contract for three shows in 2011
Centre stage at Carnegie Hall in New York City is a long way from singing pop tunes at the Fruitvale Hall but that is what one young man has accomplished in a relatively short time.
Jeffrey Hill was born in Trail and raised in Fruitvale, and throughout his youth, entertained hundreds in Greater Trail. But his classical training and operatic studies have led him to bigger stages with his most recent performance at Carnegie Hall.
“He’s done really well but he’s worked for it – I mean you have to,” said his mom, Carol.
The 25-year-old tenor performed an art song recital with soprano Simone Osborne to a packed house in the Weil Auditorium.
“We went down to New York to support him in his performance at Carnegie Hall – it was awesome,” said his father Larry. “Every time I hear him sing, I get goose bumps.”
Jeffrey began his university studies at Lethbridge before moving to Ohio where he graduated with a bachelor of music in voice and master’s in operatic theatre from Oberlin College Conservancy of Music.
He is currently completing another master’s degree in vocal arts at Bard Conservancy in upstate New York.
Hill has performed in a variety of operas, won numerous awards and sang for dignitaries in France, but it was winning the prestigious Marilyn Horne Foundation Award in California a year ago that afforded him the opportunity to sing at Carnegie Hall where he debuted last February.
“After that I was put on the roster of the foundation and through that I was offered this gig at Carnegie Hall,” said Hill from his home in upstate New York.
Hill signed a contract with Carnegie for three performances in 2011.
The accomplished vocalist began his singing career when he was five, studying in Trail under classically-trained voice coaches Chuck and Audrey Bisset.
“My sister and I both started around the same time singing and we were so lucky to have teachers like Chuck and Audrey Bisset,” said Hill. “If it wasn’t for Chuck and Audrey and just having them be in such a small area and having them be such fantastic teachers, who knows what my life would have been like without them.”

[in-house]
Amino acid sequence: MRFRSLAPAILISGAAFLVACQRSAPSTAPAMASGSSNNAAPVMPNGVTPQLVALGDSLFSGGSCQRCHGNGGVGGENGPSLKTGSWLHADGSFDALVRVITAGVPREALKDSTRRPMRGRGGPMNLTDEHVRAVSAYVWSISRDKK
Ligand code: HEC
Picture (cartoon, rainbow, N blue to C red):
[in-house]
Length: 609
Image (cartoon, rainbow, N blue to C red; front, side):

But Hill didn’t always dream of singing opera, his early inclinations were towards pop music.
“Growing up, I thought I would be a pop star and I was huge into Mariah Carey and Whitney (Houston) and all the great divas, but I realized when I turned 18 or 19 that that wasn’t what I was best suited for.”
At university, Hill began singing as a baritone but as his voice developed and his training progressed, he had to make some changes.
“The weird thing about singing and especially singing in opera, is that our voices don’t mature until we are in our thirties and especially for me because in my first six years of post-secondary studies, I was a baritone and I’ve only been a tenor for a year-and-a-half.”
Hill likens it to a weight lifter who starts out as a featherweight but wants to compete in the heavyweight category.
“But you can’t just wake up one day and go from lifting 50 pounds to lifting 550 pounds the next day.”
To sing the new, demanding repertoire of a tenor, Hill had to start from scratch and rebuild his voice. With recent awards and accolades, it is apparent the transition has been a success.
“I’m making my opera debut at Carnegie Hall in March . . . it will be my first time singing a tenor role professionally,” said Hill.
He will be performing in “Zaide,” an unfinished Mozart opera, as Sultan Soliman in the second of three performing contracts he has signed with the prestigious institution.
While the committed young tenor hopes to make his mark on the opera world, he realizes he will have to be patient and in the meantime, continue to study and perfect his craft.
“I do really want to do opera, I love acting and being on the stage and singing with an orchestra and I want that be a large part of what I do.”